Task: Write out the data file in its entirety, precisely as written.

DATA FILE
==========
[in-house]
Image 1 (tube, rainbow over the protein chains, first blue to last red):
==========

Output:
[in-house]
Image 1 (tube, rainbow over the protein chains, first blue to last red):